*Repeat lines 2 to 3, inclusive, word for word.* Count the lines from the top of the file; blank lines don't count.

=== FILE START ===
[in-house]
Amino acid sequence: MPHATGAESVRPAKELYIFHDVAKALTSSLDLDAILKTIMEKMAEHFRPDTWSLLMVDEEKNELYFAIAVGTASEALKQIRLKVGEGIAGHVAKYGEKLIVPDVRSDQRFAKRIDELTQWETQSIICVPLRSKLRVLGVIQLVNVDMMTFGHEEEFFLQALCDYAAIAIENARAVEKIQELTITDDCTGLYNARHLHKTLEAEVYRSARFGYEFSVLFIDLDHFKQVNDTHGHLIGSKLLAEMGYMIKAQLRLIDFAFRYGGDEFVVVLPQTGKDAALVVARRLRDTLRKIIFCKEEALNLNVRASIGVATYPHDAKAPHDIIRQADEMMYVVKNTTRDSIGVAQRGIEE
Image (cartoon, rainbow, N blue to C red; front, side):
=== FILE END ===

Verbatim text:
Amino acid sequence: MPHATGAESVRPAKELYIFHDVAKALTSSLDLDAILKTIMEKMAEHFRPDTWSLLMVDEEKNELYFAIAVGTASEALKQIRLKVGEGIAGHVAKYGEKLIVPDVRSDQRFAKRIDELTQWETQSIICVPLRSKLRVLGVIQLVNVDMMTFGHEEEFFLQALCDYAAIAIENARAVEKIQELTITDDCTGLYNARHLHKTLEAEVYRSARFGYEFSVLFIDLDHFKQVNDTHGHLIGSKLLAEMGYMIKAQLRLIDFAFRYGGDEFVVVLPQTGKDAALVVARRLRDTLRKIIFCKEEALNLNVRASIGVATYPHDAKAPHDIIRQADEMMYVVKNTTRDSIGVAQRGIEE
Image (cartoon, rainbow, N blue to C red; front, side):